It is once again my great pleasure to serve as Guest Editor for the Patellofemoral Instability issue of Sports Medicine and Arthroscopy Review. Much in the world has changed in the 10 years since we published Volume 15, Issue 2, in June of 2007. Navigating the clinical spectrum of patellofemoral disorders still remains one of the greatest challenges facing sports medicine specialists. Although the majority of patellofemoral problems are successfully treated nonoperatively, a subset of patients with recurrent patellar instability who undergo stabilization surgery are among our most grateful patients. The articles in this issue were written specifically to assist clinicians in helping those patients.
Although anatomy is timeless, our interpretation of the relationship between structures evolves as we change our perspective on how we look at anatomic structures. In the first paper, Tanaka demonstrates through careful dissection that the “medial patellofemoral ligament” may be more accurately described as “medial patellofemoral complex” as the proximal fibers often attach directly to the quadriceps tendon. Subsequent authors describe technological advances in computational analysis and imaging that have led to improved understanding of the multitude of anatomic and physiologic factors contributing to instability. The subtleties of the clinical examination remain a challenge for clinicians who evaluate the wide range of athletes and nonathletes of all ages who present with diverse clinical pictures. Dixit and Deu describe how nonoperative treatment remains appropriate for the majority of first-time dislocators. D’Amore and colleagues offer their recommendations on when, where, and how far to move the tibial tuberosity in patients with instability and malalignment. In their paper on complications of tibial tuberosity osteotomy, Johnson and colleagues review the potential for adverse outcomes and offer insight into how to prevent hardware and bone-healing complications.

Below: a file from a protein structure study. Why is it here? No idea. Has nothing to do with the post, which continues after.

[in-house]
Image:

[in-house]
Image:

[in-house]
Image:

Interest in trochlear osteotomy has gradually increased in the United States in the last 10 years. The paper by Diduch’s group describes indications for this procedure that will help the reader consider this relatively rare approach to stabilization in athletes with severe trochlear dysplasia. We are most fortunate to have a paper by Andrish on treatment for skeletally immature patients, an update from the paper he wrote in this journal 10 years ago. No issue committed to a surgical topic is complete without a paper dedicated to postoperative rehabilitation, as every experienced surgeon knows that a good surgical effort can lead to an excellent surgical result in the hands of an outstanding physical therapist.
I am greatly appreciative of the efforts of the students, physicians, therapists, and engineers who committed their time and energy to make this outstanding issue possible. I would like to take this opportunity to thank the editors of this journal, Ken DeHaven, Dilworth Cannon, and Greg Fanelli, for their longstanding commitment and leadership.